One drawback, depending on the player, is that Rogue Legacy leaves out a lot of pertinent information. Special items, like Hermes’ Shoes and other relics obtained from randomly appearing prayer statues, have no description, leaving you to wonder what they do (or seek out answers on the Internet). Certain character attributes are vaguely described with a joke, rather than a hint as to how they’re explicitly useful.
Players that love experimentation will be delighted by the surprises, and the game’s speed certainly accommodates that playful spirit, but it may frustrate those that want to keep the feeling of progress strong, a feeling that becomes harder and harder to maintain as the game goes on.
Like any drug, though, Rogue Legacy suffers once you’ve built up a tolerance to its pleasures. Progress is almost always a guarantee when you take a swing at the castle, but that progress slows demonstrably once you’ve unlocked 80 or so skill levels. Eventually new armor and sword schematics stop appearing in low-level areas, forcing you to plumb into more challenging rooms, but stronger enemies mean quicker deaths.
With so many stat unlocks costing thousands of gold at that point and gear so rare, progress grinds to a trickle. It’s still fun to run into the castle and whack things, but what progress you make starts to feel illusory. The game knows it too; randomly appearing journal entries left by your ancestor wonder about the castle’s very reality, and their own sanity. At that point, it’s daring you to go on. “Go ahead,” laughs Rogue Legacy. “Take another hit.”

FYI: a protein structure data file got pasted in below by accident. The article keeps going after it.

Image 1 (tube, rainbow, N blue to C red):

The emerging grind doesn’t dilute Rogue Legacy‘s alchemical blend of action and character crafting enough to damn it, though. From its sharp cartoon art to its goofy, UHF-quoting humor, Cellar Door’s game is the work of craftspeople. It’s all the more impressive for a game with so many randomized elements, which would leave a lesser effort feeling indistinct.
While its 2D presentation might make it seem like a throwback, it’s also smartly modern, with no barriers standing between the player and game. It starts fast, the controls are simple, and mastery is difficult but attainable and visible from the start.
Special note should be made of the PlayStation Vita version. Rogue Legacy was born on PC and feels equally suited to Sony’s home consoles, but its true home is on the Vita, where you can carry it anywhere for a quick session and optimal controls. Addictive as sin, Rogue Legacy is practically a perfect drug.
This game was reviewed on a PlayStation Vita using a code provided by Cellar Door Games.
- Impressively crafted despite an abundance of randomization.
- Great sense of humor.
- Instantly addictive cycle of exploration and character building.
- Building character turns into a slow grind halfway through.
- Lack of information about skills and items may frustrate some.